This was one of my first lessons in my primitive living skills course.  My instructors:  Mark Dorsten, Director of Field Operations & Logistics at Aboriginal Living Skills School, and Cody Lundin, Founder & Main Instructor of Aboriginal Living Skills School, and star of the Discovery Channel TV show, Dual Survival.  The other tribe members:  10 men.  I was the only woman.  Most of them were from the South.  Several of them had a military background or a military mentality at the very least.  I was raised by a single father in the Marine Corp so I felt right at home.  What I wasn’t prepared for was all the farting.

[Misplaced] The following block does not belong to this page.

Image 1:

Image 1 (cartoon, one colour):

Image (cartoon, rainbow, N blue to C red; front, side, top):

In late September 2013 my husband, Dean, and I drove to Prescott, Arizona to partake in a primitive living skills course called The Ultimate Abo.  No cell phones; no electronic devices allowed.  We spent the first six days making all of the things we would need to survive the last three days of the course.  We made bow drill sets, which we would used to make our own fire.  We used hot embers to make bowls; cottonwood to carve spoons; notched willow branches and parachute cord to construct our packframes.  We cut, dried, and tied cattail together to make mattress pads.  We spent an entire day weaving several feet of jute which we would later use as straps for our packframe, and for some of us, a canteen strap as well.  We cleaned and carved gourds to make our own canteen complete with cork.  We learned how to process the inner fibers of branches to make cordage which would serve multiple purposes including the making of a dead-fall trap.  We were expected to hunt, gather, and forage for our own food on the last three days.  We ate cattail, dandelion greens, parasitic oak; and went clamming and grass hopper hunting.  With the help of another tribe member, I caught and ate a mouse!